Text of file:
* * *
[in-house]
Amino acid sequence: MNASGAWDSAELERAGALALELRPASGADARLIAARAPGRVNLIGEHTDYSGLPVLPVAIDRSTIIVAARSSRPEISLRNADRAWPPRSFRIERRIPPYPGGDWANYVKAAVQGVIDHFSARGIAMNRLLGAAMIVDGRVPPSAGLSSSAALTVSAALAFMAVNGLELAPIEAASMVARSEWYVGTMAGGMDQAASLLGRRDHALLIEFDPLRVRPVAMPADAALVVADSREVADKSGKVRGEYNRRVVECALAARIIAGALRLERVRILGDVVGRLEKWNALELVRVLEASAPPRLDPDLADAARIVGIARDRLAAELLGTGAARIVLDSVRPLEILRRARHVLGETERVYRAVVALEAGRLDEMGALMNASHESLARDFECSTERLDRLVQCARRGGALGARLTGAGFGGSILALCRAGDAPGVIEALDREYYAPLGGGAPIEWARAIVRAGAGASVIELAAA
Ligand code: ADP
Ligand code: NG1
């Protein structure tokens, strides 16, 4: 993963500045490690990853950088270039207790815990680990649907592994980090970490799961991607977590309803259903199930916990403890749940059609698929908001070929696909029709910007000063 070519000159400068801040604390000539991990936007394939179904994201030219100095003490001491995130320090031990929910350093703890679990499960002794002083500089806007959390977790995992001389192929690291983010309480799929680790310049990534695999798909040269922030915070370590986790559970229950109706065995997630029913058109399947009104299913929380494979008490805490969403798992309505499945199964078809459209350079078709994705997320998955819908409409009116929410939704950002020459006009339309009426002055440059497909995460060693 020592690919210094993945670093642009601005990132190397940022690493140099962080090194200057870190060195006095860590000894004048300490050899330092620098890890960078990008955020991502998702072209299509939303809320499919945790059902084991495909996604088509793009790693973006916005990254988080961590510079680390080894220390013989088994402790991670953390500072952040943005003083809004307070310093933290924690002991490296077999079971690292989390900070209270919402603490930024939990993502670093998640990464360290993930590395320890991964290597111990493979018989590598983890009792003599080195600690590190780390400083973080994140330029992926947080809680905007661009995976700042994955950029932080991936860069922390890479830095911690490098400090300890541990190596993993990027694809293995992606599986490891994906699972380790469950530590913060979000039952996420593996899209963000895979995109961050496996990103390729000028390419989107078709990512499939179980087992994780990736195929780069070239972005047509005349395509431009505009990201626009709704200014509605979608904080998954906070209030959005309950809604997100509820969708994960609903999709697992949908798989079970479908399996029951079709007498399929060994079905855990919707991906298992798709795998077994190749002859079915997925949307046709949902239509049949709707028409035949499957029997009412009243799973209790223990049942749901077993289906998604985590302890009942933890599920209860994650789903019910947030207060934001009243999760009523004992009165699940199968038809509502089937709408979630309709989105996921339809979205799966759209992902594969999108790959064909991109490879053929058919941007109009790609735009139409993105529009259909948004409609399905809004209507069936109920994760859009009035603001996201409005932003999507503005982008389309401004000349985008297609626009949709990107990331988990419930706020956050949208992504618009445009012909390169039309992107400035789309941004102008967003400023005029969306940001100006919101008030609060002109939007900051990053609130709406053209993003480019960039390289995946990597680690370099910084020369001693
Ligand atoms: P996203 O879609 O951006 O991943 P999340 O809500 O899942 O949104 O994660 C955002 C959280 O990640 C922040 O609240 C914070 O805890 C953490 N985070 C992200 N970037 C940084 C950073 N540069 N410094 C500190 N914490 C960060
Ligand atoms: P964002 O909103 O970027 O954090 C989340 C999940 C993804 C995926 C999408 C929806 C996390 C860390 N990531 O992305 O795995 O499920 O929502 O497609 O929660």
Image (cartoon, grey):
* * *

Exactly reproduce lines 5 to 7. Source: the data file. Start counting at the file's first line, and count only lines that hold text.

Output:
């Protein structure tokens, strides 16, 4: 993963500045490690990853950088270039207790815990680990649907592994980090970490799961991607977590309803259903199930916990403890749940059609698929908001070929696909029709910007000063 070519000159400068801040604390000539991990936007394939179904994201030219100095003490001491995130320090031990929910350093703890679990499960002794002083500089806007959390977790995992001389192929690291983010309480799929680790310049990534695999798909040269922030915070370590986790559970229950109706065995997630029913058109399947009104299913929380494979008490805490969403798992309505499945199964078809459209350079078709994705997320998955819908409409009116929410939704950002020459006009339309009426002055440059497909995460060693 020592690919210094993945670093642009601005990132190397940022690493140099962080090194200057870190060195006095860590000894004048300490050899330092620098890890960078990008955020991502998702072209299509939303809320499919945790059902084991495909996604088509793009790693973006916005990254988080961590510079680390080894220390013989088994402790991670953390500072952040943005003083809004307070310093933290924690002991490296077999079971690292989390900070209270919402603490930024939990993502670093998640990464360290993930590395320890991964290597111990493979018989590598983890009792003599080195600690590190780390400083973080994140330029992926947080809680905007661009995976700042994955950029932080991936860069922390890479830095911690490098400090300890541990190596993993990027694809293995992606599986490891994906699972380790469950530590913060979000039952996420593996899209963000895979995109961050496996990103390729000028390419989107078709990512499939179980087992994780990736195929780069070239972005047509005349395509431009505009990201626009709704200014509605979608904080998954906070209030959005309950809604997100509820969708994960609903999709697992949908798989079970479908399996029951079709007498399929060994079905855990919707991906298992798709795998077994190749002859079915997925949307046709949902239509049949709707028409035949499957029997009412009243799973209790223990049942749901077993289906998604985590302890009942933890599920209860994650789903019910947030207060934001009243999760009523004992009165699940199968038809509502089937709408979630309709989105996921339809979205799966759209992902594969999108790959064909991109490879053929058919941007109009790609735009139409993105529009259909948004409609399905809004209507069936109920994760859009009035603001996201409005932003999507503005982008389309401004000349985008297609626009949709990107990331988990419930706020956050949208992504618009445009012909390169039309992107400035789309941004102008967003400023005029969306940001100006919101008030609060002109939007900051990053609130709406053209993003480019960039390289995946990597680690370099910084020369001693
Ligand atoms: P996203 O879609 O951006 O991943 P999340 O809500 O899942 O949104 O994660 C955002 C959280 O990640 C922040 O609240 C914070 O805890 C953490 N985070 C992200 N970037 C940084 C950073 N540069 N410094 C500190 N914490 C960060
Ligand atoms: P964002 O909103 O970027 O954090 C989340 C999940 C993804 C995926 C999408 C929806 C996390 C860390 N990531 O992305 O795995 O499920 O929502 O497609 O929660």